top of page

We often miss this step when making important decisions

Back in 2007, I made a life-altering decision. At the time, I was a practicing lawyer at a big law firm in Chicago. I loved the city, working with a smart group of lawyers, the lifestyle that my job afforded me. But I had grown weary of thinking of my life in six-minute billable increments. I was also tired of the lack of control over my time and the long hours. I began thinking about leaving the practice of law entirely.


I spent months agonizing over the decision, manufacturing every pro-and-con list imaginable, and consulting numerous people (who inevitably gave me conflicting advice), books and a few career advisors.


Enter analysis paralysis. It felt easier to do nothing—to maintain the status quo—than to take a leap of faith.


I know I’m not alone here. When we’re about to make an important decision, we demand perfect information and absolute certainty. We don’t start walking forward until we find an approach that we believe is guaranteed to work. The human brain dislikes uncertainty and will try to avoid it at all cost.


There are several causes of analysis paralysis, but I’m going to focus on one here: A false assumption that each decision we make is final and irreversible.


If we take a leap into the unknown, we assume there’s no turning back. If we take a new job, if we move to a new city, if we buy a new house—and things don’t work out the way we hoped—we believe life as we know it will come to an end.


But here’s the thing: Not all decisions are created equal. There’s a difference between irreversible one-way door decisions and reversible two-way door decisions.


Contrary to our assumptions, most of our leaps into the unknown come with a two-way door. As Richard Branson writes, “You can walk through, see how it feels, and walk back through to the other side if it isn’t working.” You just have to leave the door unlocked.


This was the epiphany that propelled me forward when I was struggling with whether to leave my job. I was assuming this was a one-way door decision, but the assumption was false. I recognized that there is no “wrong” decision per se. I hadn’t burned any bridges. I had built solid connections and could always go back to practicing law, if not at the same law firm, then somewhere else. In other words, the status quo was always going to be there for me to return to, if I wanted it.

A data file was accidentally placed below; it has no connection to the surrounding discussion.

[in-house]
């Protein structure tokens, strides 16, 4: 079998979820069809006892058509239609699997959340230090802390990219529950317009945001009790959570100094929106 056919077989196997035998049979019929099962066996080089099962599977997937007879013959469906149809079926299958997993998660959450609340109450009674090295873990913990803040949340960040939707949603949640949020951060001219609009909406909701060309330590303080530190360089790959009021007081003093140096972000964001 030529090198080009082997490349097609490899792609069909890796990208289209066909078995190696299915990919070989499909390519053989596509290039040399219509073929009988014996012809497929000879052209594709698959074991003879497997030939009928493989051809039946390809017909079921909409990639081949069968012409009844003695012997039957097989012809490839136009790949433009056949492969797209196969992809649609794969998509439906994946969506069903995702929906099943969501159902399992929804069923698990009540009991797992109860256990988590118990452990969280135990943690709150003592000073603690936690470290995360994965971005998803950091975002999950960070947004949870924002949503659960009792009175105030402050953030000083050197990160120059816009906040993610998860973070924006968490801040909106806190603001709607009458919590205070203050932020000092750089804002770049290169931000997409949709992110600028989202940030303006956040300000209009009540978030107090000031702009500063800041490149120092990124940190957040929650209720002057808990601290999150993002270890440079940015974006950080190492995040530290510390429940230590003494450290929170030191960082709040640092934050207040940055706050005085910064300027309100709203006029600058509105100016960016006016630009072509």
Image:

To be sure, some decisions are the irreversible, one-way kind. There’s no turning back from having children, for example. For these decisions, careful deliberation is recommended before you take the plunge.


But the vast majority of decisions fall into the two-way door category. When walking back out is possible, you don’t need to put yourself through an agonizing decision making process or get tied up exploring every single “what if” scenario. It’s easier to decide quickly, enter the room, and walk back out if you don’t like what you see.


You also have to recognize that most decisions will be difficult at first, as you will have left the comfort of what you know. So, you need to allow some time to pass before you can be sure if you want to go back. My rule of thumb is to allow at least 3-6 months for most major changes before you can realistically assess if you made a good decision.


The next time you’re making a decision, ask yourself, Is this a one-way door or a two-way door? If it’s a two-way door, decide and move quickly.

3 views0 comments

Recent Posts

See All

I often hear judgements about someone "shamelessly" self-promoting. I don't get the concept of shameless self-promotion. The phrase presumes that self-promotion is normally shameful. Here’s the thing:

bottom of page